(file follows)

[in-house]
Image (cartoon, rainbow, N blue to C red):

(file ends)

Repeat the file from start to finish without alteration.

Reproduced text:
[in-house]
Image (cartoon, rainbow, N blue to C red):